Also, this book [Coaching Youth Football] is the best book I have in my football coaching library. I wish I found it 4 seasons ago when I first started as offensive line coach. I also think your GAM defensive book is the most complete and instructional book I have ever read including books on other subjects not pertaining to football. Thanks again and feel free to use any of my comments, they are quite sincere.”

Dave Marcotte, Head coach, Seabrook Rams (3rd- 6th grade football)

“For the past month I've been preparing for our Fall 2001 Season. Every year I review just about everything you've published to refresh my memory and recharge the batteries. I just read your article on Rookie Coaches and could not agree with you more.

Last year we observed the most atrocious coaching I've seen in a long time, particularly our last regular season game. Keep in mind both teams had equal amount of time to prepare for the season and equal amount of game experience prior to our game. We scored 26 points in the first quarter. It took them four attempts to run their first play from scrimmage. One delay of game penalty, two illegal motion penalties. This continued throughout the entire game. The coaches were screaming at the players just as you described. We allowed no first downs. They had one positive gain on offense. Our parents were visibly upset with the opposing coaches and threatened us if we ever treated our kids the way our opponents treated their kids.

My rookie season was not as a coach but as a parent watching other coaches attempting to simulate football. I was disgusted with what I saw and decided it was time to get involved in coaching. I bought your books and studies them closely for a year before my rookie coaching debut. Result was a 10-1 season. Lost in the League semi-final. Second year we won the League championship.

This is my third year coaching and I see no reason to change my pre-season ritual. It always starts with knowledge form John Reed, and I thank you.”Brant Ruder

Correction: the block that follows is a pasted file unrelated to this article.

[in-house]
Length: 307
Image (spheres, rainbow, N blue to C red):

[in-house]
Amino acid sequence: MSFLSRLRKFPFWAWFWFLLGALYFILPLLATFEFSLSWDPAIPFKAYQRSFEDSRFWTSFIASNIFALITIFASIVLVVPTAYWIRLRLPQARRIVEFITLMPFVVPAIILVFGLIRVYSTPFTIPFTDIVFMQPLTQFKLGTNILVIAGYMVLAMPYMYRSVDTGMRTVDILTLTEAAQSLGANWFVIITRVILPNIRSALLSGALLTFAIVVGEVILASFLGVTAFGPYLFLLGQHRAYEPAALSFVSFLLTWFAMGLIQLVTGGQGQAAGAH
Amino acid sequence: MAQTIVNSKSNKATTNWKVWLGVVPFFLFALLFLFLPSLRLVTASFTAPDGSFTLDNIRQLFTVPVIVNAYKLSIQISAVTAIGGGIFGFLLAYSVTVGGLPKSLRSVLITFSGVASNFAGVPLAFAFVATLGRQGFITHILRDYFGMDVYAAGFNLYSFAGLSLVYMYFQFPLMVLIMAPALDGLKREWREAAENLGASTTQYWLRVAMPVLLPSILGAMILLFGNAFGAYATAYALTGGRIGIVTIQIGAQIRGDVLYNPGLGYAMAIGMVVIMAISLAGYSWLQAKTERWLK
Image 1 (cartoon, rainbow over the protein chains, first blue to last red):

“GAM is an awesome book and if you have anything along the same subject please let me know. Sincerely,Dave Marcotte Seabrook, NH Rams (4th - 6th grade)

“By far best youth book have read. Had to develop 11-in-box scheme out of necessity in ’96 to stop killer opponent who beat us in regular season 36-0. Their athletes so good I figured only way we stop was to bottle backs in—no open field. Still using it in ’01 after 6 yrs. total. Won bowl 14-12 in rematch. Have used 10-1,8-3,7-3w/safety in box strong side. All work if proper responsibilities taught. Was thinking about writing a book, but you got it covered. Kudos.”Tony Gladu coach Highlands Ranch Falcons in Highlands Ranch, Colorado.

“I’ve been through the GAM book a couple of times now, and it would be hard for this book to be any better. It’s a bit redundant to state, but I am a huge fan of your books, and this book also is excellent.

My favorite sentence in this book is: ‘Bury football's sadistic conditioning rituals.’ After 4 years of highly organized youth and school football in early 1970’s Texas, I quit football in 9th grade. Those useless grass drills, performed in 90 degree heat, were part of the reason. I didn’t mind the running. I continued to play high school basketball, which had far more running. But I was a kid, and large parts of football practices were simply not any fun. Your comments about this were right on.

An Idea:

My brother and I love the shrunken field situations drill from your ‘Youth Baseball Coaching’ book.

I'm going to try the same thing at the very end of next year's football practices- esp. for special teams. We will take helmets and shoulder pads off, keep hands in pants (no talking or touching with hands), squeeze formations as tight as possible, use no ball, and fit and freeze everything with substitutions.

I really think this will have value for all 3 phases. I also think 4 reps a minute is possible.

Good luck, and don't run out of power,”Greg Cotharn, Ft. Worth, TX

Review by Scholastic Coach® Editor Herman Masin

“Reed is a West Point graduate, a Harvard MBA, owns one wife and three teenage sons, milks the mind of every sport technician he meets, is a youth-sport authority of staggering proportions, and is massively bright, intriguing, and controversial. All of which are strikingly exemplified in his latest writings: Gap-Air-Mirror Defense for Youth Football.” Herman Masin, Editor, Scholastic Coach® and Athletic Director magazine, 555 Broadway, New York, NY 10012, 212-343-6372

Hi John,

So, now comes tackle. 8 to 11 y.o. level. I admit I don't know enough about it to head coach a team, so I run defense for a coach that didn't know anything either, but insisted he was a pro. He wouldn't let me try anything or change player assignments. Needless to say, we were losing game after game. Frustrated , I was searching for a better plan. We were running a 5-3 when I found your GAM [DEFENSE] book. (…/gap-air-mirror-defense-for-youth…)
After losing enough to put us out of playoff contention, the head coach conceded to my weird ideas. I ran your GAM defense, with only one week of preparation, and we held the no. 1 team to 13 points for the game. We lost 7 to 13. Our best game of the season.